The team included researchers from NCBS, inStem and CCAMP, all members of the Bangalore Life Sciences Cluster.
A multi-institutional team led by Dr Sowdhamini Ramanathan from NCBS, Bangalore, have produced the first draft genome of the sacred herb, Tulsi. This is an important step in understanding and identifying the genes responsible for production of metabolites with medicinal properties. The team included researchers from NCBS, inStem and CCAMP, all members of the Bangalore Life Sciences Cluster.
Tulsi (Ocimum tenuiflorum), a ubiquitous herb is used for therapeutic purposes. Known for producing many aromatic compounds, Tulsi is known as 'Queen of Herbs'. The plant synthesises a wide range of bioactive compounds, known for their anti-bacterial, anti-fungal, anti-pyretic and anti-cancer properties. These compounds are metabolites, compounds that are a by-product of plant metabolism, typically used for plant self-defence. These metabolites are very poorly understood because of lack of genomic information.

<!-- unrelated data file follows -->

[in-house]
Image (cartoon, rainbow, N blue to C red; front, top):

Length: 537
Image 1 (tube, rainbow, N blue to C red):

The team of Scientists performed the genome sequencing of O. tenuiflorum subtype Krishna, one of the non-model plants of great medicinal value. Comparative analysis of transciptomes of O. tenuiflorum subtype Krishna and Rama was also performed to detect potential differentially-regulated genes and their involvement in metabolite synthesis. They have identified a large set of genes involved in the production of specialized metabolites of medicinal interest such as apigenin, luteolin, rosmarinic acid pathway, eugenol, and ursolic acid.
The availability of the whole genome of O.tenuiflorum and the sequence analysis suggests that small amino acid changes at the functional sites of genes involved in metabolite synthesis pathways confer special medicinal properties to this herb.
The paper is published in the journal BMC Plant Biology.